NAIROBI, Kenya — For many across Africa and the world, Barack Obama’s election seals America’s reputation as a land of staggering opportunity.
“If it were possible for me to get to the United States on my bicycle, I would,” said Joseph Ochieng, a 36-year-old carpenter who lives in Kenya’s sprawling Kibera shantytown, a maze of tin-roofed shacks and dirt roads.
Kenyan President Mwai Kibaki declared a public holiday Thursday in the country of Obama’s late father, allowing celebrations to continue through the night and into a second day. From Europe and Asia to the Middle East, many expressed amazement that the U.S. could overcome centuries of racial strife and elect an African-American president.
Scenes of jubilation broke out in the western Kenya village of Kogelo, where many of Obama’s Kenyan relatives still live. People sang, danced in the streets and wrapped themselves in U.S. flags. A group of exuberant residents picked up the president-elect’s half brother Malik and carried him through the village.
“Unbelievable!” Malik Obama shouted, leading the family in chanting, “Obama’s coming, make way!”
“He’s in!” said Rachel Ndimu, 23, a Kenyan business student who joined hundreds of others for an election party that began at 5 a.m. Wednesday at the residence of the U.S. ambassador to Kenya, Michael Ranneberger.
Obama was born in Hawaii, where he spent most of his childhood raised by his white mother. He barely knew his father. But for the world’s poorest continent, the ascent of a man of African heritage to America’s highest office was a source of immeasurable pride and hope.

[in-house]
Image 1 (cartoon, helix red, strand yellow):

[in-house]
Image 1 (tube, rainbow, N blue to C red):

Tributes rolled in from two of Africa’s groundbreaking leaders. Nelson Mandela, South Africa’s first black president, said Obama gave the world the courage to dream.
“Your victory has demonstrated that no person anywhere in the world should not dare to dream of wanting to change the world for a better place,” Mandela said in a letter of congratulations.
Liberian President Ellen Johnson-Sirleaf — the first woman elected to head an African country — said she did not expect to see a black American president in her lifetime.
“All Africans now know that if you persevere, all things are possible,” she said.
In Britain, The Sun newspaper borrowed from Neil Armstrong’s 1969 moon landing in describing Obama’s election as “one giant leap for mankind.”
Yet celebrations were often tempered by sobering concerns that Obama faces momentous global challenges — wars in Iraq and Afghanistan, the nuclear ambitions of Iran, the elusive hunt for peace in the Middle East and a financial crisis.
Europe, where Obama is overwhelmingly popular, is one region that looked eagerly to an Obama administration for a revival in warm relations after the Bush government’s chilly rift with the continent over the Iraq war.
“At a time when we have to confront immense challenges together, your election raises great hopes in France, in Europe and in the rest of the world,” French President Nicolas Sarkozy said in a letter to Obama.
Obama’s victory also was greeted with cheers in Mexico, where former Foreign Minister Jorge Castaneda wrote in the Reforma newspaper that the presidency represents a chance for Mexico to remake its relationship with the United States.
“Obama’s win … opens to Mexico an extraordinary opportunity to reposition itself in the world because it will be infinitely easier to be a neighbor, ally and friend of the United States with Obama,” he wrote.
Americans living abroad, too, basked in the glow of a victory hoped for by most of the world.
“I’m proud of being an American today,” said Jody Suden, a mother of two in London. “It’s such a shift from the way things have been.”